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Tuesday, August 9, 2022

Pagosa Springs Medical Center sees ‘significant loss’ in revenue due to COVID-19

By Randi Pierce
Staff Writer

Following a strong start to the year, Pagosa Springs Medical Center (PSMC) suffered a “significant loss” in revenue in March due to the COVID-19 pandemic, according to a report given to the district’s board of directors on April 28.

At the end of February, PSMC was 12.14 percent ahead of budget and 18.73 percent ahead of the prior year with gross revenues totaling $10,778,881, and was 12.26 percent above budget and 17.74 percent ahead of the prior year in net patient revenues, according to a February financial report for the district given in March.

At the end of the first two months, PSMC’s bottom line was $45,715 -— above the budgeted deficit of $175,000 and the prior year’s deficit of $555,767.

“February was an excellent income month for PSMC (its best February ever). All of this is good because like most businesses, the pandemic presents new financial challenges for PSMC,” a March written report states. 

“We started out with a bang,” Chief Finance Officer Chelle Keplinger told the Upper San Juan Health Service District Board of Directors, which oversees PSMC, on April 28.

PSMC did not fare as well in March.

According to the March financial report present on April 28, PSMC’s gross revenue for March fell 14.57 percent, or $775,581, below budget and 6.78 below the prior year, while its net patient revenue fell 20.67 percent, or $575,718, below budget and 15.04 percent below the prior year.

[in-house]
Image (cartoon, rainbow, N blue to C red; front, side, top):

Year to day through March, PSMC’s net patient revenue sits $21,598 ahead of budget.

“PSMC has, like many businesses throughout the country, suffered a significant loss of revenues in March PSMC was never required to stop doing nonemergency surgeries, but decided on March 18th to stop such surgeries to assure preparedness to treat the community during the pandemic,” a financial report prepared for the board states. “Due to substantial reduction in surgeries and in-person visits to patients in the clinic and emergency department resulted in PSMC’s revenues being below budget by $775,581. While PSMC was able to reduce and cut many expenses, due to the need for additional drugs and supplies to be prepared for COVID-19, the supply budget was 34% ($125,099) higher than budget. The bottom line result in March is PSMC … came in $743,719.00 below its budget (March was a total net loss of <-$199,217>).”

“I’m heartbroken,” Keplinger said, noting she was convinced this was going to be PSMC’s best year.

Despite the loss for the month, Keplinger noted the district had a good tax revenue month, with the district receiving $384,580.

Board chair Greg Schulte acknowledged April won’t look good and stated, “There’s really a lot of uncertainty because there’s a lot of things going on from the federal stimulus that, for lack of a better term, that we don’t know what and how much and whether it’s gonna be useful to us long-term, so I guess certainly we know that we’re having some difficulties, but there might be something that might help improve our position that comes down from the feds, but that certainly remains to be seen. And I think there’s a lot of uncertainty about that, not only with us, but with a lot of people, and so I’d like to, you know, give credit to the staff for following this really carefully.”

He added things are in flux and there isn’t clarity on how funds would be administered, what funds PSMC could take advantage of, or if it would want to.

Keplinger briefly commented on some of the possible funding programs, also acknowledging the uncertainty.

Director King Campbell commended PSMC on being ahead of budget before COVID-19 set in, noting PSMC was on a good path.


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